Criteria for a computing setup

“My setup” articles have become common. These articles list the hardware and software someone uses, usually with little explanation. The subtext is often the author’s commitment to the Apple brand or to open source, to spending money on the best stuff or to avoid spending money on principle. I don’t find such articles interesting or useful.

Vivek Haldar has written a different kind of  “my setup” article, one that emphasizes the problems he set out to solve and the reasons for the solutions he chose. Here are a couple excerpts describing his goals for preserving his data and his health.

Try to remember the oldest digital artifact that you can still retrieve, and more importantly, decode and view. Can you? How old is it? That should give you some idea of how hard and full of unknowns the problem of long-term preservation is. …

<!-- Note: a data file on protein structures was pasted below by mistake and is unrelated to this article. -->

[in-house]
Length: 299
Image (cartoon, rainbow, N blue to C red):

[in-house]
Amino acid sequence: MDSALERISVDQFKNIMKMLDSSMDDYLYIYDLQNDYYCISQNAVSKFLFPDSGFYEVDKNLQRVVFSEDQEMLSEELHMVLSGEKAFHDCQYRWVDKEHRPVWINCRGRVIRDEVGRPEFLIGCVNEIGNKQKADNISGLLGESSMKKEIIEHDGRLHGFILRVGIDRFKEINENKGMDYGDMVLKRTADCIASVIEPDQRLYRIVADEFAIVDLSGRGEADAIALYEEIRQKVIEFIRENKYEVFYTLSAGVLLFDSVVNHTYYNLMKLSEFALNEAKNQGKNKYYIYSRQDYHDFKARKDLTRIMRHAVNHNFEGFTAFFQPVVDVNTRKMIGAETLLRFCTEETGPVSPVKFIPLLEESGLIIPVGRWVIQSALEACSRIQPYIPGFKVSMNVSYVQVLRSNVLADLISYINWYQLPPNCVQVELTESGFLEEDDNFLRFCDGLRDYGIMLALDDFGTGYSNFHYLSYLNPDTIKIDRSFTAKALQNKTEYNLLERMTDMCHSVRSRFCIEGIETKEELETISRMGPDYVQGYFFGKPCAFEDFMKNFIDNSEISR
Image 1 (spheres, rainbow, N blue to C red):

If a significant fraction of your working life is spent working with computers, and you do not yet have even the mildest RSI, you should consider yourself extremely lucky, but not immune. Act like you do have RSI, and change your set up right now to avoid it.

I thought the best part of the article was the criteria, not the solutions. It’s not that I disapprove of his choices, but I appreciate more his explanation of the rationale behind his choices. I don’t expect anybody is going to read the article and say “That’s it! I’m going to copy that setup.” I gather that in at least one detail, his choice of version control system, Vivek wouldn’t even copy his own setup if he were to start over. But people will get ideas to consider in their own circumstances.